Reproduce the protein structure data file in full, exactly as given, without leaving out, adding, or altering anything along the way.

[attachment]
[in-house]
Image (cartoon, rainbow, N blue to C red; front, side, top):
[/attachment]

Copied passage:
[in-house]
Image (cartoon, rainbow, N blue to C red; front, side, top):